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Nick Baines: Finding common ground between sport and prayer as World Cup kicks off

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This month will either be a joy or a torture for you.

The World Cup will be a source of great excitement for some, but it’s also a cause for wailing and gnashing of teeth for others. When the footie gets going, the sensitive go shopping. Apparently.

England have endured years of disappointment at the World Cup.

England have endured years of disappointment at the World Cup.

In 2010 I complained about the Church of England’s special World Cup prayers. They were boringly churchy. So, they challenged me to come up with better ones. After watching England’s remarkably aimless and seemingly dispassionate performance against Algeria in their opening match, my first prayer was heartfelt: “Oh God…”

Not everybody was impressed, but it had the benefits of both brevity and honesty.

The second prayer offered a little more: God, who played the cosmos into being, please help England rediscover their legs, their eyes and their hunger: that they might run more clearly, pass more nearly and enjoy the game more dearly. Amen.

This is what prayer is supposed to be. Not an endless talking to God, but an honest crying out of what is in the heart if not on the lips.

And I didn’t forget those who simply aren’t interested: Lord, as all around are gripped with World Cup fever, bless us with understanding, strengthen us with patience and grant us the gift of sympathy if needed. Amen.

Sport and prayer aren’t a million miles apart. Sport demands discipline and commitment, a long-term vision, an ability to cope with failure, an understanding of one’s own personality and bodily potential. Sport requires teamwork – even individual athletes need their trainers and support people as they train. You can train for years in order to win a race that lasts 10 seconds. What makes you do it?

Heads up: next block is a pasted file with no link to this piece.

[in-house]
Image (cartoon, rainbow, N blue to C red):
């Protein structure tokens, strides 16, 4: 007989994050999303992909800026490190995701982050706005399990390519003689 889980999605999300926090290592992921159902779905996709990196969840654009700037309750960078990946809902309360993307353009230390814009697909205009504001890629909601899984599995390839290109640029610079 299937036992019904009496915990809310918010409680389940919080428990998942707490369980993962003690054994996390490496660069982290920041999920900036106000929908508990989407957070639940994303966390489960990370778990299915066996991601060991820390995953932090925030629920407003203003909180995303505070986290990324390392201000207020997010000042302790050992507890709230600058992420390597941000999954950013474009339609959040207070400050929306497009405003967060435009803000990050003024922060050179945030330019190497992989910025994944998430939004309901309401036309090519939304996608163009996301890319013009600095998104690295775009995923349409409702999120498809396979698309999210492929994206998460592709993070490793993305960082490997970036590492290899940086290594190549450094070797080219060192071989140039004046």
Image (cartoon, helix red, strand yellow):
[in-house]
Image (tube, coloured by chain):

Contrary to popular assumption, prayer is not about seeking short-term fixes to long-term challenges, but, rather, developing a long-term perspective on life, death and everything in-between. In other words, it’s less about asking God to change our circumstances and more about us being changed within our circumstances.

But, this doesn’t happen by magic or casually. It requires discipline, regular exercise, the commitment to keep going when every distraction in the world piles in. It means taking a long-term view and not giving up when failure outstrips success. It involves keeping on praying even when it seems pointless. Like an athlete who skips a day or two training, missing out on the regular exercise of prayer has an effect which is not noticed immediately, but has a cumulatively weakening effect.

If most of us find regular physical exercise a little bit too demanding, what chance have we got with doing stuff that doesn’t seem to make any measurable physical difference? The point is that prayer, like sport, is not a quick fix for some other problem. Running for the
bus might be effective once, but it won’t help me run a marathon pursued by lions.

However, the question most frequently asked of those who love sport (watching) and who also pray is whether God is partisan.

How can I pray for Liverpool to beat Arsenal if Arsenal fans are praying for the opposite? Some of the more unimaginative atheists even suggest this is a knock-down argument against the possibility of God. Yet, the point lies not in God’s partisan enthusiasms or capricious passions, but in the nature of prayer itself – it gradually helps the one praying to see as God sees. Any honest relationship encourages the parties to express themselves freely, to be outrageous in their desires and to tell the truth. That is what I am doing when I raise with the almighty the possibility of swinging it England’s – or Liverpool’s – way. Of course I don’t think God has abandoned me if we lose a game.

A more serious example of this sort of thinking is to be found in Psalm 137. Asking God to smash the heads of your enemy’s children against the rocks doesn’t appear at first sight to be ethically helpful – for anyone. But, the reason
we should read it unashamedly is that it isn’t there to vindicate the ethics; rather, it is to say we should not mutter “hallelujah” when we really think “stuff it”. God knows and can handle our emotions – but only if we are as honest about what we feel as he can be with what he sees within us.

Anyway, when I wrote prayers for the 2010 World Cup, I made sure there was enough scope for reality to intrude on desire: I didn’t pray for an England victory.

Nick Baines is the Bishop of Leeds